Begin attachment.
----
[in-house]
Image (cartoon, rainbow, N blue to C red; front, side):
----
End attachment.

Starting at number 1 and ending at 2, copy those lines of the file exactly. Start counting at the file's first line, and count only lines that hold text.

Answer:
[in-house]
Image (cartoon, rainbow, N blue to C red; front, side):